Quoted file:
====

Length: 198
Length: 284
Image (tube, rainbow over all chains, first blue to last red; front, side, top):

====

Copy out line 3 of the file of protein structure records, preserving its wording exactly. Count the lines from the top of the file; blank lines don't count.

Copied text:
Image (tube, rainbow over all chains, first blue to last red; front, side, top):